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Anglia Television

Broadcaster, Production Company

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The expansion of the Independent Television Authority (ITA) transmitter network into the East of England in the late 1950s proved technically difficult, largely for topological reasons. The proximity to mainland Europe required a minimal signal output to the south east, while Chillerton Down used the same channel (11) and also had to be avoided. At the same time, the signal had to reach the coastal areas of Suffolk and Essex. The site chosen, therefore, was a disused airfield at Mendlesham, to the south-east of the region, and a directional transmitting antenna was to be employed to radiate high power to the west and north, covering East (and West) Anglia and into Lincolnshire. Due to the flat nature of the terrain in the area - and the region as a whole - a 1,000ft mast was commissioned, then the tallest television mast in Europe. It was the first of six similar ITA masts across the country, one of which was the ill-fated original mast at Emley Moor.

Applications were invited for the franchise in early April 1958, and no less than eight were received, one from each of the 'big four' (Associated-Rediffusion, Granada, ABC and ATV) and four new consortia - with the Norwich Union insurance company a partner in three of them. The contract was awarded to the new consortium headed by Lord Townshend, the Deputy Lieutenant of Norfolk, and including the Manchester Guardian newspaper, with instructions that the group should incorporate one of the other bidders. The group promised strong local programming and had good financial backing. The name was chosen almost immediately - Anglia Television - and the station went on the air from Mendlesham, late due to problems with the directional antenna, but at least before Christmas, on 27 October 1959.

Topology reared its head again almost at once. Perceiving in the projected Dover transmitter a potential threat to its service area - as it would be receivable in parts of Suffolk - Anglia protested to the ITA, which pointed out that the transmitter would also overlap the London and southern areas, and there was, in any case, no guarantee of exclusivity. All the broadcasters affected applied to broadcast from Dover, but as the ITA considered the London stations big enough already, the choice was between Southern and Anglia, and the former won.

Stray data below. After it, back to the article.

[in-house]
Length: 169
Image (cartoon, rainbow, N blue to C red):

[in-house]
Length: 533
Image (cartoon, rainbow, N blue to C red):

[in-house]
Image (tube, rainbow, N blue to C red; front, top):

Despite this, Anglia did well from the beginning, and early on began providing significant programming to the network. A deal with Associated-Rediffusion gave it guaranteed access to the network, but even so the company was disappointed not to be included in the powerful Network Planning Committee, which decided overall network strategy. As a result Anglia agreed with other regional companies to join together on expensive acquisitions such as film rights, and founded what became known as the British Regional Television Association.

Like most ITV companies, Anglia survived the 1964 franchise round, despite having two opponents, and even extended its reach through the addition of the Belmont transmitter in East Lincolnshire, and Sandy Heath, which covered Bedford and Peterborough, where the Mendlesham signal was problematic. In the 1967 round, the company was unopposed.

At the turn of the 1970s, the nature of the terrain caused the company further problems following the advent of UHF, which required more transmitters, each serving a smaller area. Belmont became a powerful UHF site radiating up into Yorkshire, and Yorkshire Television complained, while at the same time facing similar problems of its own at its boundary with Tyne-Tees. Anglia was threatened with a significant loss of coverage. A plan was drawn up to merge Anglia, Yorkshire and Tyne-Tees, but the newly constituted Independent Broadcasting Authority was not as easily convinced of the benefits of consolidation as a modern light-handed 'regulator', and allowed only the two northern stations to join forces, under the Trident Television banner. Anglia ended up leasing Belmont to the group, and as a result some viewers in Norfolk suddenly found themselves watching Yorkshire Television, while Southern Lincolnshire viewers pointed their antennas at the Midlands to receive ATV. It took ten years for additional low-power relays to only partially solve this problem, and even today houses as far south as Cambridgeshire can be seen with two antennas, one pointing at Sandy and the other - usually - at Belmont.